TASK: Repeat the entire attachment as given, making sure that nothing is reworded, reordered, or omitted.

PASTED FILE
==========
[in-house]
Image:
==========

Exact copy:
[in-house]
Image: